This moment may seem like it’s come so soon for most, but for Chris Mardini, it’s been a long time coming. We’re talking about the release of his self-titled debut album, which is officially out today, a massive musical milestone for this 19-year old musical phenom. Featuring an inspiring alternative rock sound, Mardini freely explores issues of importance to him, such as alienation, insecurity, self-sabotage, and social pressure. He goes to great lengths to come across as genuine as possible in his songwriting, and not making the lyrics just merely filler or senseless. To record his debut, Mardini joined forced with Marc Swersky, a Grammy-winning producer who hooked up the young musician with some stellar instrumentalists who helped bring a lot of vibrancy and energy to these songs.

Raise in New York City, Mardini began playing guitar at the age of 10. By a teenager, he was playing covers of Beatles songs at local venues like the iconic Bitter End, with audiences gravitating towards his soul-baring performances. He’s got the skills, the drive, and the ability of a truly great songwriter, which this debut record is certainly indicative of.

To commemorate the release of the album today, Mardini has contributed a very special guest blog for us today in which he discusses the record, his musical inspirations, and how he goes about bringing his songs to life.

“My New Album and What Got Me Here” by: Chris Mardini

I’m so pumped to be releasing this new album! We’ve come a long way. There was so much time and effort put into the composition and production of these songs. It’s both stressful and relieving to know that it’s over and done. Each song was written and produced at very different points in my life. They’ve all been through so much to get where they are now, and I can’t wait to see people’s reactions. While each song is unique and has its own story, it’s interesting to observe similarities and the continuity of the songs as a collection. I believe in these songs…

I might be a biased source, but I think the songs complement one another very well. To the best of my ability, I try to incorporate many of my inspirations into my music. Sometimes it’s tough since I listen to somewhat contradictory forms of music that wouldn’t seem to work well together. However, it’s a challenge that I always try to overcome, and I hope I did so on this album.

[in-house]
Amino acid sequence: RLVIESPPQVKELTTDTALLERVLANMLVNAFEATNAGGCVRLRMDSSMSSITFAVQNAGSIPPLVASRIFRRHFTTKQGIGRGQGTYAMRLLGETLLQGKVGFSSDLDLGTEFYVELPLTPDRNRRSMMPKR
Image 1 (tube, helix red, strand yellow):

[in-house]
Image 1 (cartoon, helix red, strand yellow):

Artwork for the album ‘Chris Mardini’ by Chris Mardini

Like many other artists, I consider my sound to be a weird mixture of all my musical influences. As I said, I like a lot of different “genres,” and what inspires me isn’t necessarily linear. I’m really into Nirvana, Mac Miller, King Krule, Deftones, Jimi Hendrix, Kanye West, Kendrick Lamar, Rage Against the Machine, and others. One of the biggest compliments I can get is someone telling me that they can hear one of these artists, or any others that influence me, in my music. The best is when people are like, “Man, this song sounds like *insert one of my influences* mixed with *insert one of my influences* and a hint of *insert one of my influences*. It’s amazing, and I hope I get more feedback like that with the release of this album.

The frontrunner for most influential on my sound and my musical persona has to be Kurt Cobain. I’m just so damn in awe of the guy. Like I remember being floored during my sophomore year of high school, listening to newfound demo after demo. The way he’s able to weave in and out of scales in his melodies still astonishes me to this day. Also, it is unbelievable how he’s able to take a melody/hook that’s inherently pop-like and just flip it on its head. In high school, I would spend hours watching live Nirvana shows or exclusive interviews, completely enthralled. He’s what inspired me to start writing my songs. I only hope to grow into half the lyricist he was.

I put so much heart and soul into every moment of every song on the album, and I hope that it’s going to impact people everywhere who take the time to listen. My number one goal is for this album to connect with people and give each listener the chance to apply it to whatever’s going on in their life. Relatability is so important when making music. Whenever I’m writing lyrics, I remind myself that it’s important to illustrate a distinct event or situation with words, but it’s just as important not to get too specific. There needs to be room for listeners’ imagination.

Some fond memories come from the studio while recording these songs. It’s always such a fulfilling process. I feel like I can do anything when I’m in there. There’s so much room for creativity. I often find myself breaking “rules:” whenever people ask me something along the lines of ‘what kind of music do you make?’ I always find it so hard to respond. I haven’t even figured it out. I try to make whatever I think sounds good and what I think is relatable. This often results in me borrowing features of multiple genres and plugging them all into one track. Sometimes it can get chaotic, but again, it’s all a part of the process.

I always have so much fun bringing my thoughts and ideas to life in the studio, and often it takes lots of time and effort to perfect a song. I usually have an idea of what the song should sound like and what effects it should have on the listener before I even start working on it in the studio. But with these songs, there were so many new ideas and thoughts that were just pouring out of my boys and me. It was so hard not to try and include everything. Even months and months after initially recording the song in the studio, I was always saying to myself, “this sounds so awesome, but how can it be better? How can it be bigger?” I don’t necessarily consider myself a perfectionist or anything in that realm. But I knew that these songs had to be near perfect.

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